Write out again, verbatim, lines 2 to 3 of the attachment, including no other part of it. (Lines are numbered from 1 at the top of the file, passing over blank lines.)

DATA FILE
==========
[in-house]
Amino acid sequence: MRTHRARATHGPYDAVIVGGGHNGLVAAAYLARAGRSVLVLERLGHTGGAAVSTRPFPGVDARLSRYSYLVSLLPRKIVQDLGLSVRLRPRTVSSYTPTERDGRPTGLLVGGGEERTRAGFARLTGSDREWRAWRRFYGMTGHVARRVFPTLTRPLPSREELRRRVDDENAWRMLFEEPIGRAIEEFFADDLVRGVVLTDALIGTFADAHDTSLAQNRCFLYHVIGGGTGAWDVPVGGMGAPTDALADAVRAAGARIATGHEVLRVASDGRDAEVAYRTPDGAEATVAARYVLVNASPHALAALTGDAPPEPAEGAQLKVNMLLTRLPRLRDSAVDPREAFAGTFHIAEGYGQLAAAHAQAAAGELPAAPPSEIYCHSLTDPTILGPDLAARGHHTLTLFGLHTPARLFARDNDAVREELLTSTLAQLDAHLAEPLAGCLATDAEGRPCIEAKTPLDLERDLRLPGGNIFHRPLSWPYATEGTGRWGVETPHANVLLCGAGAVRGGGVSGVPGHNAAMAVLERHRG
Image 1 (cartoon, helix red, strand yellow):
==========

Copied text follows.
Amino acid sequence: MRTHRARATHGPYDAVIVGGGHNGLVAAAYLARAGRSVLVLERLGHTGGAAVSTRPFPGVDARLSRYSYLVSLLPRKIVQDLGLSVRLRPRTVSSYTPTERDGRPTGLLVGGGEERTRAGFARLTGSDREWRAWRRFYGMTGHVARRVFPTLTRPLPSREELRRRVDDENAWRMLFEEPIGRAIEEFFADDLVRGVVLTDALIGTFADAHDTSLAQNRCFLYHVIGGGTGAWDVPVGGMGAPTDALADAVRAAGARIATGHEVLRVASDGRDAEVAYRTPDGAEATVAARYVLVNASPHALAALTGDAPPEPAEGAQLKVNMLLTRLPRLRDSAVDPREAFAGTFHIAEGYGQLAAAHAQAAAGELPAAPPSEIYCHSLTDPTILGPDLAARGHHTLTLFGLHTPARLFARDNDAVREELLTSTLAQLDAHLAEPLAGCLATDAEGRPCIEAKTPLDLERDLRLPGGNIFHRPLSWPYATEGTGRWGVETPHANVLLCGAGAVRGGGVSGVPGHNAAMAVLERHRG
Image 1 (cartoon, helix red, strand yellow):